Many California residents who are faced with seemingly insurmountable levels of debt will consider filing for personal bankruptcy. When researching the matter, it will become clear that individuals can file for bankruptcy on their own, without the services of an attorney. This may seem an attractive option for many, and the prospect of saving on legal fees may seem like a good course of action. In reality, however, many who choose this path end up in worse financial shape than when they began the process.
There are rules governing how businesses are allowed to market their products and services. These laws are designed to protect consumers in California and other states from fraudulent practices. Companies found to be in violation of these laws may be subject to serious fines. This seems to have been what one company did when offering services that it claimed would help consumers with unmanageable debt.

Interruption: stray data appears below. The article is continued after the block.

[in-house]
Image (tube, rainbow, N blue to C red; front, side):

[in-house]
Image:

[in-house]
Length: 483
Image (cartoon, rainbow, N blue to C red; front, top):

For those in California who are struggling to make ends meet, finding a way to keep their home is often a top priority. Some are considering accepting principal reductions offered by their mortgage lender, in an effort to make their house payments more affordable. However, it is important to understand the tax ramifications of accepting such a deal. For some, filing for Chapter 13 bankruptcy may offer a better path to debt relief, while also allowing individuals to keep their home.
California consumers who are buried beneath a mound of credit card debt are certainly not alone. Many individuals turned to credit to make ends meet during times of financial hardship, which has led a significant number of people to seek debt relief. Some will fall prey to scams aimed at collecting up-front fees before any aid is rendered. In the worst cases, these companies never follow through on promises to ease a client's unmanageable debt issues.
California residents who find themselves in a difficult financial situation often feel overburdened and in need of a fresh start. For some, a bankruptcy filing may be a viable solution to their financial problems, but understandably, they may have concerns as to what will happen to their personal property if a bankruptcy proceeding is pursued. In some cases, bankruptcy exemption laws can be applied for to help protect some of their personal property.